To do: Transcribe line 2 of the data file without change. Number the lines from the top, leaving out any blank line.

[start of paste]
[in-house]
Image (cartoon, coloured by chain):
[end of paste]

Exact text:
Image (cartoon, coloured by chain):